The character of the corporation, the dominant organizing principle of capitalism, hasn't changed much since Ambrose Bierce defined it in 1911 as "An ingenious device for obtaining profit without individual responsibility." But corporations have become more powerful, to the point of dominating the governments that pretend to regulate them. The corporation was originally conceived in the 14th century as a means of combining assets for business purposes. Those chartered organizations were closely checked, first by kings and later by legislatures. But corporations gained more power with the expansion of the US after the Civil War. In the 1880s corporation attorneys got the Supreme Court to twist the 14th Amendment to give corporations the civil rights of persons. In the following century corporations gained immortality. With the establishment of "free trade" laws in the 1980s and '90s, multinational corporations have become practically unaccountable.
Now comes The Corporation, a documentary movie based on Joel Bakan's book, The Corporation: The Pathological Pursuit of Profit and Power. Bakan teamed up with Mark Achbar, co-director of Manufacturing Consent: Noam Chomskey and the Media, and co-director Jennifer Abbott to examine the far-reaching repercussions of the corporation's increasing power and lack of conscience. The 40 interview subjects include CEOs and top-level executives from a range of industries, in addition to a Nobel-prize winning economist, a management guru, a corporate spy and a range of academics, critics, historians and thinkers such as Noam Chomsky, Michael Moore and Howard Zinn. Milton Friedman explains the remorseless rationale of "externalities" -- the unintended consequences of a transaction between two parties on a third -- which is responsible for countless cases of illness, death, poverty, pollution, exploitation and lies.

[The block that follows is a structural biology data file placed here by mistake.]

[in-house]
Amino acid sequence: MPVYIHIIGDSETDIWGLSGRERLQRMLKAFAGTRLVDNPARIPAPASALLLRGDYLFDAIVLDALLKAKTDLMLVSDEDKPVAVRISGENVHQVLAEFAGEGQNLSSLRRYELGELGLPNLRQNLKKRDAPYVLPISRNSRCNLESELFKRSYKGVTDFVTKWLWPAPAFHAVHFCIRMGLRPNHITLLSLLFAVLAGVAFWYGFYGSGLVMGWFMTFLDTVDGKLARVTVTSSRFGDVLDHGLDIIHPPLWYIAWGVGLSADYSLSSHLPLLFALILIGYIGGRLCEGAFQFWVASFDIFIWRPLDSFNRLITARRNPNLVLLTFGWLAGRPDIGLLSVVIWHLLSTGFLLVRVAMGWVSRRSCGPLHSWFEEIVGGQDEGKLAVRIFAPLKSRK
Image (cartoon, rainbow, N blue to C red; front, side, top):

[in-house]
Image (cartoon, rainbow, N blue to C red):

The documentary checks the standard diagnostic criteria of psychiatrists and finds that the operational principles of the corporation give it a highly anti-social "personality" that qualifies as "psychopath." Former Royal Dutch Shell chairman Mark Moody-Stuart's professed human rights and environmental concerns didn't save Ken Saro Wiwa and eight other activists from being hanged for opposing Shell's practices in the Niger Delta of Africa. Carlton Brown, a commodities trader, recounts the first thought of gold traders when the twin towers crushed their occupants: "How much is gold up?" Jane Akre and Steve Wilson, two investigative reporters, were fired by a Fox TV station in Florida after they refused corporate demands to water down a story on rBGH, a synthetic hormone widely used in the US, but banned in Europe and Canada, to boost cows' milk production. A ray of hope is offered by Ray Anderson, CEO of Interface, the world's largest commercial carpet manufacturer, who reorganized his $1.4 billion company on sustainable principles after an environmental epiphany.